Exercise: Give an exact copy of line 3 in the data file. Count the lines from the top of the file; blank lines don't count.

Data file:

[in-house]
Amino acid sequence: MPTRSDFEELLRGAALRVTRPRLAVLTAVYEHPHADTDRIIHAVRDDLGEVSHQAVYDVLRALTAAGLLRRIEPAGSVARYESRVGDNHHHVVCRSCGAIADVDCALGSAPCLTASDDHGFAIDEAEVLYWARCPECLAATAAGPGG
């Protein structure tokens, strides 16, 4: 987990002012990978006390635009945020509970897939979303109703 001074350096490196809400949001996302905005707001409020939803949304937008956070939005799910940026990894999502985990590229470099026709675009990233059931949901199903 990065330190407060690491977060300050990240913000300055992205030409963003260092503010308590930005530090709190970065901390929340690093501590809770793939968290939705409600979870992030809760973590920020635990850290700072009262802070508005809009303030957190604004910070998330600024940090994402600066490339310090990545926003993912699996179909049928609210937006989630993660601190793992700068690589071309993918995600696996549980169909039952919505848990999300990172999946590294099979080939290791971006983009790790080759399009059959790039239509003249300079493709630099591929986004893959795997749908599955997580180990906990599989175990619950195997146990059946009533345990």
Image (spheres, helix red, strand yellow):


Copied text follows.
């Protein structure tokens, strides 16, 4: 987990002012990978006390635009945020509970897939979303109703 001074350096490196809400949001996302905005707001409020939803949304937008956070939005799910940026990894999502985990590229470099026709675009990233059931949901199903 990065330190407060690491977060300050990240913000300055992205030409963003260092503010308590930005530090709190970065901390929340690093501590809770793939968290939705409600979870992030809760973590920020635990850290700072009262802070508005809009303030957190604004910070998330600024940090994402600066490339310090990545926003993912699996179909049928609210937006989630993660601190793992700068690589071309993918995600696996549980169909039952919505848990999300990172999946590294099979080939290791971006983009790790080759399009059959790039239509003249300079493709630099591929986004893959795997749908599955997580180990906990599989175990619950195997146990059946009533345990």